ORA Introduces Captivebred Aiptasia-eating Filefish

18 Feb, 2016

ORA Bristletail Filefish.

ORA Bristletail Filefish.

ORA Aiptasia-Eating or Bristletail Filefish
Acreichthys tomentosus

Aiptasia or Glass Anemones, opportunistic stinging cnidarians of which there are 34 known species, are the scourge of many a reef tank, often reaching pandemic proportions in a short amount of time. Enter the Aiptasia-Eating Filefish, Acreichthys tomentosus, an unassuming, mottled green and brown fish that takes a particular delight in hunting down and consuming these pest anemones. Other trade names for this utilitarian reef tank addition are the Matted Leatherjacket or Bristletail Filefish.

Males have a distinct cluster of bristles at the base of their tails which makes determining the sex of a fish quite easy. They are reported to be able take on protective coloration to match their habitat, turning a vivid green for example when in a seagrass biotope.

When kept in pairs or singly, they thrive in fish-only and coral reef home aquariums reaching a maximum size of 3.5 to 4 inches. These filefish eagerly eat mysid shrimp and just about any type of fish food in addition to Aiptasia sp. anemones. They have been known to nip at corals so be sure to keep them well-fed once the Aiptasia run out. AT ORA, we have long used this fish for Aiptasia control in our coral greenhouse but only started breeding them a few months ago. They were first raised in captivity by well-known German hobbyist Iris Bönig in 2007.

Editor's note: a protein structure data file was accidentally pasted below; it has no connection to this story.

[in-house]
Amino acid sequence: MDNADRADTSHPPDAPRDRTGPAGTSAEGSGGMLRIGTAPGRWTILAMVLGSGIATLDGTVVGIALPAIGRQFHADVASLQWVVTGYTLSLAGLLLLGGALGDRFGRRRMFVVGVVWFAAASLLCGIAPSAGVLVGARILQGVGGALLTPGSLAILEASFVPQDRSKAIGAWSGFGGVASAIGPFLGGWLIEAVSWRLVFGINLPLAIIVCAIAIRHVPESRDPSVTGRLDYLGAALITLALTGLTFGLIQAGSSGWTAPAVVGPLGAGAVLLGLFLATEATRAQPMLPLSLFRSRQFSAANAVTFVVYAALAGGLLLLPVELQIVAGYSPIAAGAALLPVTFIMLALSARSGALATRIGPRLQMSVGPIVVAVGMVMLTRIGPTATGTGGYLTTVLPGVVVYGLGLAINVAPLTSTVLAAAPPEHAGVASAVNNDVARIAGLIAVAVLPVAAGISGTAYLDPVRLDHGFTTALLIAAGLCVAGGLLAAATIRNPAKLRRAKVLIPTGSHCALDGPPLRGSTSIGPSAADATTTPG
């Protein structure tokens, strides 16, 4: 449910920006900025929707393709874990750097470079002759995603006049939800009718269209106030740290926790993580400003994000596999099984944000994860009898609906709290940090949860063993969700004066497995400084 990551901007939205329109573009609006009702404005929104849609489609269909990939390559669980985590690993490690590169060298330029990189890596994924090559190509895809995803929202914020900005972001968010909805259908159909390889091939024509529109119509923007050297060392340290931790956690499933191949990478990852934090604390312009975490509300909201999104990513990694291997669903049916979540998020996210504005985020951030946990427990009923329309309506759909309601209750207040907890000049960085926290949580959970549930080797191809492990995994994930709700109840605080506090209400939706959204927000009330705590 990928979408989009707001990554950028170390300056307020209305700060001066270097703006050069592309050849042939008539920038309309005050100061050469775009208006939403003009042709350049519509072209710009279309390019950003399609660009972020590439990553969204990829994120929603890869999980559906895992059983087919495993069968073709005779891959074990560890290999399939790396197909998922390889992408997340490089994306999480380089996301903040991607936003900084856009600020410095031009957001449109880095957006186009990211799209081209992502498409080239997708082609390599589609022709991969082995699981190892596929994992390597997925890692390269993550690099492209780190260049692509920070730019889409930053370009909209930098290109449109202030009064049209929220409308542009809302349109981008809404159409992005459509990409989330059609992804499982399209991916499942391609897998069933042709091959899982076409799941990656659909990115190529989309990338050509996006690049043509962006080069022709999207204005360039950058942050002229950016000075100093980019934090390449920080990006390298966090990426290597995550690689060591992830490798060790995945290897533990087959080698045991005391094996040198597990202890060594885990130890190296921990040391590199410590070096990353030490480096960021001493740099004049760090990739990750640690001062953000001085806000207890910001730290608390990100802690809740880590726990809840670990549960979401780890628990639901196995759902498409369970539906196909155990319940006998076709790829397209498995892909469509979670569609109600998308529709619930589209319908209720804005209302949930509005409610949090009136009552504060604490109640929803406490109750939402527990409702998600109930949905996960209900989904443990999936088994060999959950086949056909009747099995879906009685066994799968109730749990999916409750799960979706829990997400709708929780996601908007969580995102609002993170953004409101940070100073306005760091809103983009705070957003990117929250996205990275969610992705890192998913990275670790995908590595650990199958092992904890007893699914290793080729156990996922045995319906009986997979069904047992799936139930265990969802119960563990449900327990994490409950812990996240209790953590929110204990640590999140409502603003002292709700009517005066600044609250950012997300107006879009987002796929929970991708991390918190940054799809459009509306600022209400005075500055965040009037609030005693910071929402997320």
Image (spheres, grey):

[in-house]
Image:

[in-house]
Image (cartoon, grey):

When first acquired, a new Bristletail Filefish may ignore Aiptasia for a week or two before starting what is usually a very effective eradication program.

Dustin Dorton
Ft. Pierce, Florida

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Reef To Rainforest
Reef To Rainforest

Reef to Rainforest Media, LLC is the publisher of award-winning magazines and books in the fields of aquarium keeping, aquatics, and marine science. It is the English-language publisher of CORAL and AMAZONAS Magazines and is based in Shelburne, Vermont, USA.

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